Streaming Only David Bowie Concert from ’95 Reveals More Obscure Gems 

David Bowie | Ouvrez Le Chien (Live Dallas ’95)-streaming only release | (Parlophone)
4 out of 5 stars

Videos by American Songwriter

Now that the Bowie vault has been opened for streaming only live material, fans are getting gifts of professionally recorded shows that probably would not have been made as physical copies. That’s because this ’95 Dallas date (which follows the similarly streaming-only 1997 show released May, 2020) finds Bowie digging deep into generally darker, more oblique and mostly obscure songs; perhaps not a commercially viable option to press up and officially release.

In this case, Bowie hit the road behind his 1995 1. Outside disc, not a big seller. The performance features six selections from that, along with one each from Heroes, Lodger, Low, Scary Monsters, and Black Tie White Noise. He tosses in rearranged versions of “Andy Warhol” from 1971’s Hunky Dory, and “The Man Who Sold the World” too. The compilers add older ringers “Moonage Daydream” and “Under Pressure” from another date on the same tour to sweeten the pot. Most of this hasn’t been previously released, making it an overdue view into this Bowie jaunt.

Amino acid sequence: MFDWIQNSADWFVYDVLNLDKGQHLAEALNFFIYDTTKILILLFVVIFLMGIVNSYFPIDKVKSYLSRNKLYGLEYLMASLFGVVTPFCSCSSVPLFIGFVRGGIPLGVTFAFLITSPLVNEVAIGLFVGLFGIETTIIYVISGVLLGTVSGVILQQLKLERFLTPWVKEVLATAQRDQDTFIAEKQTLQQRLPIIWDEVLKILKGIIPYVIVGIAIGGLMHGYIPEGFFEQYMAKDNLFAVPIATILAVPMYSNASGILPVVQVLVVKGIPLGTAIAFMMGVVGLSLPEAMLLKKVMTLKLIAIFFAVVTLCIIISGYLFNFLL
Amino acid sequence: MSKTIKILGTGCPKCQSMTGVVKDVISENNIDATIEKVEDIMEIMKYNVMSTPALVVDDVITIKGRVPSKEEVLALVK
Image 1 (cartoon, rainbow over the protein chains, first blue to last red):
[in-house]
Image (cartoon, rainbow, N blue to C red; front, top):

The seven-piece band includes such veteran Bowie sidemen as Carlos Alomar and Reeves Gabrels on guitars, bassist/vocalist Gail Ann Dorsey pianist Mike Garson and backing singer George Sims, who is either MIA for most of the show or mixed so low he can’t be heard. The performance crackles, Bowie is in fine voice, and the band is tight and rehearsed for a set list of less popular catalog selections. Performances of tunes such as “Joe the Lion,” “Teenage Wildlife” and “Nite Flights” provide a rare glimpse into concert versions of these songs, especially with this lineup.

You won’t find 1. Outside tracks executed here like “We Prick You,” “I Have Not Been to Oxford Town,” and “I’m Deranged” (in a particularly intense version) on most Bowie hits collections so this is an opportunity to experience these somewhat lost selections live where they get an added shot of adrenaline.

The disc’s unusual title (translated as “open the dog”) is nicked from Bowie’s “All the Madmen” song (included on The Man Who Sold the World), yet another indication this is geared towards the dedicated Bowie follower.  The audio and mixing are exceptional and even though this is clearly aimed at harder core fans who might recognize murky titles like “The Heart’s Filthy Lesson,” it’s a consistently engaging, fascinating and occasionally even spellbinding listen.

More please…

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